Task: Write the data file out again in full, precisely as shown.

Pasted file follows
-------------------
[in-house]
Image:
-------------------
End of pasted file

[in-house]
Image: